In the current issue of Poets and Writers, Mary Stewart Atwell discusses the question of whether writers have the right to portray the inner life of people very different from themselves -- whether urban writers can write about rural characters, men about women, or one race about another. One point of view, she states, is that "if you have the writing chops to convince a reader of the authenticity of a character's inner life, no one's going to care whether the character is based on yourself or made out of whole cloth." Of course, many of the best writers do manage to convince us of the inner life of characters they resemble very little -- people of differing cultures and nationalities, for example. But I'm wondering if there isn't a broader question here.
Since this blog focuses on books by people who have written about their journeys to different parts of the world, I find this topic particularly relevant. Of course, with memoir, people don't usually try to get inside anyone's head but their own, so I'm thinking here mostly of novels. Particularly when I was reading two of those I've reviewed here -- Audrey Hepburn's Neck, by Alan Brown, and Country of Origin, by Don Lee -- I pondered this question, as both of these American writers have peopled their novels not only with Westerners living in Japan but with Japanese characters whose inner lives are also explored. Without doubt these portraits convinced me of their plausibility. But at the same time I asked myself whether Japanese people would be convinced.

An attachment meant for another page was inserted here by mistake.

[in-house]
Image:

So, I think we need to look a bit more deeply at this question -- because people of the same culture as the author of a book may be convinced that the character from another culture is authentically described, but that may not in fact be the case. Instead, the author may unwittingly be perpetrating a stereotype. We see this most clearly when we look at American literature of the nineteenth and even twentieth centuries in which African Americans were portrayed by white authors. So it is not, it seems, just a matter of being convincing but of actually knowing enough about the people who are portrayed to be able to tell the truth about their souls.
And I think this is true not only with respect to the individual characters from another culture but with respect to the culture as a whole. The author may convince us that such-and-such behavior is typical of a certain culture, but if we know nothing about that culture, that is not a difficult task -- nor is it proof that the portrait drawn is accurate. How many times have I heard someone who spent a week in Japan pontificating on the "Japanese people"? Authors are not immune from this kind of over-simplification -- especially if it serves the wider goal of the story. Myself, I would beware of believing a writer who has not spent a good deal of time living with or, if that is impossible, at least seriously studying, the culture of people he is describing in his work. "Writing chops" are no substitute for knowledge.